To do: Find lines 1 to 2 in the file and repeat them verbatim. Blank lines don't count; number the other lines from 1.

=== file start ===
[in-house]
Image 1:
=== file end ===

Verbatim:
[in-house]
Image 1: